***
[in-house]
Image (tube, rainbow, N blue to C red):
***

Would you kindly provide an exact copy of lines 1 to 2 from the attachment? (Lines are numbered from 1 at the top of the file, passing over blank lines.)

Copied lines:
[in-house]
Image (tube, rainbow, N blue to C red):